9th Cavalry Band, Fort D.A. Russell 1911- 1912. Cpt. Hamilton, Band Leader. Wyoming State Archives

9th Cavalry Band, Fort D.A. Russell 1911- 1912. Cpt. Hamilton, Band Leader. Wyoming State Archives

   A special part of the Buffalo soldier history on F.E. Warren was the 9th Cavalry band, they held a high musical standing on the base, in Cheyenne, and around the state. They were widely received at state fairs, Cheyenne Frontier Days, and had a close relationship with the African Methodist Episcopal Church. They performed many a concert for church members, one of which was reviewed by the Cheyenne Daily leader which commented saying how accomplished the band was. An important member of the band in the early 1900s was Wade H. Hammond was born in the state of Alabama around 1879 and became one of the first African American bandmasters of the United States Army. He was appointed from Western University in Quindaro, KS around 1909 where he had been a bandmaster for two years. Hammond’s military career spanned the duration of some of the most important wars such as Spanish American War, WWI, and the early years of WWII. He was asked to work with the band at Tuskegee Institute, and he was also selected to conduct a special massed military musical group in the Philippines. When he was at Fort DA Russell in 1910 he played many concerts in town.  His success would later grant him permission to attend a course at Royal Music School for Bandmasters in London for two months. The 9th Cavalry band was not only important to the military but the community that was expanding in Cheyenne.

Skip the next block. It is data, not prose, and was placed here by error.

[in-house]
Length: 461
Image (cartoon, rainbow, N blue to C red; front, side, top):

F.E. Warren Cemetery

General John D. Stevenson in 1867 established the F.E. Warren cemetery with 40 acres of land. There were plans to separate each plot by position such as “Section A would contain officers, Section B and C were to be reserved for enlisted, and Section D for civilians and dependents.” [5] Though this separation was not brought to reality.